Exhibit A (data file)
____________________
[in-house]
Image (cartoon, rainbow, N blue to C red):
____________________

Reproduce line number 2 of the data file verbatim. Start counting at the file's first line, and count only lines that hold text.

Image (cartoon, rainbow, N blue to C red):